Democrats turn away from civil liberties

The leadership of the Democratic Party is showing itself to be as hypocritical over civil liberties as the Republican leadership has been about fiscal conservancy. And the finger pointing is coming from the left itself.


Glenn Greenwald, a liberal blogger for Salon.com, along with The New York Times and even Keith Olbermann, have ripped the Obama administration for ordering the assassination of Anwar al-Awlaki, a U.S. citizen now living in Yemen, for alleged connections with three of the terrorists who struck on 9/11, the Fort Hood killing and the failed Christmas Day airline bombing.


The assassination order became public earlier this year. The Obama administration ordered the hit without any due process of law, no trial, no conviction or verdict of guilty, just an order for a bullet to the head or a predator drone strike. So much for adherence to the Fifth and Sixth Amendments to the Constitution.


But the administration isn’t giving much loyalty to the Fourth Amendment either, that pesky little guarantee of people being secure in their houses, papers and effects against unreasonable searches and seizures.


Mr. Greenwald, in his Sept. 27 Salon blog, “The Obama Administration’s War on Privacy,” says the administration is now seeking the same intrusive powers sought by Saudi Arabia and the United Arab Emerates to get into the private electronic communication of people who have done no wrong.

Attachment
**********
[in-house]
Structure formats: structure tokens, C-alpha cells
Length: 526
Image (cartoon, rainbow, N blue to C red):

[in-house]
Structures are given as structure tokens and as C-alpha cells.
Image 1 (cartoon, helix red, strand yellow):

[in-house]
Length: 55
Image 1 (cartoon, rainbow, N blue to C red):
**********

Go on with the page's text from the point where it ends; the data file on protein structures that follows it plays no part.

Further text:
Those two countries can’t get into a backdoor to intercept communications made through BlackBerry because of its protocol, so they are banning the devices.


“Those two governments demand the power to intercept and monitor every single form of communication. No human interaction may take place beyond their prying ears,” Mr. Greenwald wrote.


The Bush administration wanted and received powers for warrantless wiretaps, and the current administration is no exception, according to a New York Times story by Charlie Savage:


“[O]fficials want Congress to require all services that enable communications—including encrypted e-mail transmitters like BlackBerry, social networking Web sites like Facebook and software that allows direct ‘peer to peer’ messaging like Skype—to be technically capable of complying if served with a wiretap order. The mandate would include being able to intercept and unscramble encrypted messages.”


What this means, according to Mr. Greenwald, is that “Internet services could legally exist only insofar as there would be no such thing as truly private communications; all must contain a ‘back door’ to enable government officials to eavesdrop.” (Emphasis added.)


In the same blog, Mr. Greenwald refers to a Washington Post story that the Obama administration wants banks to report all electronic money transfers, no matter how small. By today’s rules, banks are only required to report transfers in excess of $10,000.


Banks would also be required to provide the social security number of those sending and receiving the transfers.


Republicans and Democrats have both put the country into a $13 trillion debt. Gitmo, rendition and warrantless wiretaps under George Bush have now turned to assassination and even more pervasive eavesdropping and loss of privacy under Barack Obama. What is the difference between the two parties?

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